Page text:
Evaluation length of time varies depending upon the clinical or forensic question being addressed. Most evaluations will require an interview of between one and two hours followed by testing of between 3 and 6 hours. The longer testing times as in the case of most neuropsychological evaluations are due to a need to understand cognitive weaknesses/impairments within the context of other cognitive domains. Additionally, hours are billed for collateral interviewing, review of records, test scoring/interpretation and report writing. For forensic evaluations, additional time my be required if there are a lot of documents to review or long travel distances.
  • Where do evaluations take place?
    Clinical evaluations take place at Sid Binks & Associates, 3000 Connecticut Avenue, NW, Washington, DC (Across from the entrance to the National Zoo). For forensic evaluations, Sid Binks & Associates will travel, when necessary, to psychiatric hospitals, prisons and detention centers.
  • Do you test for malingering and/or low effort?
    Forensic evaluations are entirely dependent upon getting accurate data during the testing process. As such, it is critical to thoroughly test for adequate effort during testing and whether or not an individual may be malingering (faking) symptoms or over-reporting symptoms. Test results are combined with behavioral observations and historical data to make a determination regarding the legitimacy of a clinical diagnosis. Malingering is an intentional exaggeration of impairment or symptoms in a situation where doing so will result in secondary gain. For example, exaggerating a memory problem in an attempt to gain damages in a law suit, or, falsely reporting mental health symptoms to garner sympathy or to be found Not Criminally Responsible (NCR) for a crime. Despite public perception, the frequency of individuals being found NCR is low. Low effort can occur for many reasons besides malingering. Individuals can be tired, distracted, unmotivated, resentful/angry, under the influence of alcohol/drugs or suffering from medication side effects – all of which can interfere with the testing process and reduce the validity of test results. A good night’s sleep and a strong effort on testing will help to ensure a solid, valid evaluation is performed and gives your forensic expert the data he or she needs to help you move your legal case or insurance claim forward.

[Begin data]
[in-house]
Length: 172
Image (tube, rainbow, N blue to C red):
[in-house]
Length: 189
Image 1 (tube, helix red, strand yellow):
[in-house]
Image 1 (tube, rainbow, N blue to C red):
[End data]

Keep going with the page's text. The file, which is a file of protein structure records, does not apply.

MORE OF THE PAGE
If there is an attorney involved in your case, please have him or her contact Sid Binks & Associates directly as he or she can best arrange for a retainer and define the forensic question.